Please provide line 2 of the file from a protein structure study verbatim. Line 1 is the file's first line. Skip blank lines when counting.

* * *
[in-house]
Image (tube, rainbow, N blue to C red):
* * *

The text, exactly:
Image (tube, rainbow, N blue to C red):